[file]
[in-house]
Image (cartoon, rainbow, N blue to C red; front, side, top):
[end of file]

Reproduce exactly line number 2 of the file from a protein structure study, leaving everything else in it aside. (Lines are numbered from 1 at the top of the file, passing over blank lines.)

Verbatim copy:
Image (cartoon, rainbow, N blue to C red; front, side, top):